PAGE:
Early last summer, Supreme Court Chief Justice Beverley McLachlin sat down with five federal politicians at the stately court building on Wellington Street, just down the road from Parliament.
The Supreme Court selection panel – three Conservative MPs, a New Democrat MP and a Liberal MP – had come bearing a list of six candidates to replace Justice Morris Fish of Quebec, who was nearing 75 and about to retire.
That list, crafted by the Prime Minister’s Office and the Justice Department, was so troubling to Chief Justice McLachlin that she phoned Justice Minister Peter MacKay and took initial steps toward contacting the Prime Minister. These attempts to raise potential eligibility issues would later trigger an unprecedented public dispute between the Prime Minister and the Chief Justice, a coda to the ultimately failed appointment of Justice Marc Nadon.
Until now, the list of six candidates has been a closely held secret. But The Globe and Mail has obtained both that list, and the short list ultimately chosen by the selection panel. The names on those lists not only shed light on Justice Nadon’s appointment but the larger political machinations behind it – and its fallout. A judge rejected. A court short-handed. A Prime Minister’s public accusation of impropriety by a Chief Justice.
The lists also show how the government, though aware of the risks, worked the selection process to find a more conservative judge than it believed was available in Quebec. The province’s top judges and lawyers were largely ignored for a job reserved by law for Quebec candidates because of the province’s unique civil code. Four of the six judges put forward were from the Federal Court in Ottawa, even though it wasn’t clear judges from that court were eligible. Adding salt to Quebec’s wound, one of those judges had been publicly rebuked by an appeal court for copying from government briefs.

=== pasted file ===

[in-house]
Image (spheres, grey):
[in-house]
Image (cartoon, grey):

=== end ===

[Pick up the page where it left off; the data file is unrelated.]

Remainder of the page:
Choosing a Supreme Court judge is a constitutional prerogative of the Prime Minister. In the Federal Court, Mr. Harper found a source of candidates closer to his political heart – and he courted the danger of a long and messy challenge to his selection. Even now, as the court’s vacancy drags into its 10th month, he leaves a star candidate to languish on his short list – a list of only one eligible judge.
To peer behind the curtain of the appointment process, The Globe spoke to more than a dozen leading members of the Canadian and Quebec legal communities and government officials over the past several weeks. All of them talked on condition of anonymity. Neither Chief Justice McLachlin nor anyone associated with the Supreme Court provided information to The Globe for this story.
Although Mr. MacKay has described the process as the most open and inclusive ever for the Supreme Court, The Globe’s reporting reveals that the all-party selection panel presented a veneer of neutrality, and behind that veneer the government was free to pursue its political goals.
‘Let’s broaden the scope’
Staffers in the PMO were optimistic when the process began. Less than a year earlier, with another Quebec spot on the top court to fill, Mr. Harper had chosen Justice Richard Wagner of the Quebec Court of Appeal. He was conservative-minded and had an excellent reputation in the legal world. The appointment was widely applauded.
“Everyone was quite confident that the success of the Richard Wagner appointment would be repeated,” a source familiar with the process said.
But the prospects in Quebec for another conservative judge were few, the source said, and the Prime Minister wanted to find someone who would be in sync with his tough take on crime and his view of the restrained role of judges.
“Let’s look elsewhere, let’s broaden the scope,” was the prevailing attitude, the source said.
The Prime Minister knew the legal risks. “The PCO would have said, ‘Oh, we have a problem,’” the source said. The Privy Council Office is the nerve centre of the Canadian bureaucracy, and advises the Prime Minister on Supreme Court appointments.
Another source said two candidates from the Federal Court had been on the list in 2012, but neither made the short list. A year later, there were four, making it a certainty that at least one would be on the short list of three. No Federal Court judge had ever been chosen for one of the Supreme Court’s three Quebec seats. The Supreme Court Act governing those appointments does not expressly say they are eligible.